Thanks for the help Domen. I currently use keto about once a week but I will ramp up to 3 times a week. I hear that helps for Sebum reduction. Do you agree? In terms of shedding, I shed very consistently . . . .about 15-20 hairs I notice in the shower when I shampoo, 15 hairs when i come out of the shower and comb my hair, another 5 every morning on my pillow and random hairs throughout the day that I notice on my desk.

The follicles on the sides of the scalp are more genetically resistant to DHT, which is why male pattern baldness often results in a “crown” of hair. But its downsides are serious. “With women, finasteride is not an option,” says Dr. Wolfeld. “It’s not FDA-approved for women to take, so we don’t prescribe it.” In fact, due to the drug’s effect on hormone levels, pregnant women are advised to not even touch broken or crushed tablets.
The comment about Dutasteride causing more side effects is not correct. All studies performed to this date actually sight that Dutasteride has lower side effects. Especially in regards to decreases in sex drive. The only time Dutasteride has been shown to have greater side effects is when the dosage of Finasteride was well below the recommended dosage of 1mg. In comparison 500mcg of Dutasteride has been shown to be more effective than 2.5mg of Finasteride and 1mg has shown to be more effective than 5mg of Finasteride, the dose used to treat BPH. The research has clearly shown that Dutasteride reduces serum DHT levels much faster and has much higher success rates.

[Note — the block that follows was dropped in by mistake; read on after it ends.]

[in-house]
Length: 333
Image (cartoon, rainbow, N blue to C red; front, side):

Many physicians recommend that patients engage in a combination therapy that includes minoxidil and Propecia (Est. $75 per 1-month supply) with prescription. Propecia is an oral medication with finasteride being the active ingredient. Finasteride was originally developed by Merck to treat enlarged prostate glands. Excess hair growth was a surprise side effect of the drug and led to the development of Propecia, which was approved by the FDA for treatment of male-pattern baldness in 1997. It has not been approved for women.
In-office laser light treatments or at-home handheld devices, such as the HairMax LaserComb, supposedly grow new hair by stimulating blood flow to the area (think: an amped-up version of a scalp-stimulating shampoo). Just don’t expect the device to make your noggin go from looking like George Costanza’s to Jerry Seinfeld’s. “These lasers won’t grow any new hair. If anything, they may just help you hang on to some of the hair that you already have a bit longer,” says Dr. Joyce.
According to practitioners of traditional Chinese medicine, hair health is tied to two things: kidney energy and the blood, which nourish the hair. The solution: acupuncture and Chinese herbs. While there isn't a lot of hard science to back this up, Maureen Conant, a TCM practitioner at Full Bloom Acupuncture in Seattle, says that she's seen women's hair stop falling out and then gradually regenerate after a few months of weekly treatments.
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